By default, the application will use the best of its own matches for the user’s localization. Then it will attempt to use that same localization from all of its dependency packages.
So a brand new application from the template with only
en resources of its own will also only use
en from your package. (Sometimes that is what the client wants.)
If instead the client wants to use
it from your package even in an application that only has
en resources of its own, then that client should set
This strategy may cause mayhem if individually localized strings are being interpolated into each other across module boundaries. You can wind up with things like “Today is Montag, le 1er décembre.” That caveat is probably why Apple refrained from making it the default. But as long as you steer clear of that, most users will be glad to have the menu bar, file system errors and the like in their own language even though a game script may only be in English. I always use it.
It sounds like that developer finds the
CFBundleAllowMixedLocalizations style better too, although it is entirely up to that developer and not something you can control as a package vendor.
That puzzles me too if it really did behave differently before. But until I see a reproducible case, I suspect that the client must have done something else different without realizing it. For example, when they remember it pulling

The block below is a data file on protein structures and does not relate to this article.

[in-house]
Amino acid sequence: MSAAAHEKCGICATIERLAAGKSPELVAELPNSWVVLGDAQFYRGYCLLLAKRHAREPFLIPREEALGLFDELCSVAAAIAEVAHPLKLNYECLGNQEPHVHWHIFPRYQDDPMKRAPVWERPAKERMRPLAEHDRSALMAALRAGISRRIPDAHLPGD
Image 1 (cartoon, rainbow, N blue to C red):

de from your package, it might have been a project that also had
de resources of its own, and now they are looking at a different, fresh project that doesn’t have any
de resources yet. Or maybe they set
en in a scheme for a testing run and what they observe is actually responding to a launch argument override instead of resolving like it would in a real install.
Ultimately, if you are using
NSLocalizedString, then it is macOS that is selecting the resources for each bundle according to the various
Info.plist files involved. Except what you see in the property lists, nothing is controlled by Xcode or compiled into the application. So the Xcode version cannot make any difference. If something did change, it must have happened with an operating system update instead. (But each style is used by some of the applications I work with every day and my language settings are wild enough that the difference is immediately obvious. With daily evidence of both styles behaving consistently over the course of years, the idea that something changed without my noticing seems fishy to me.)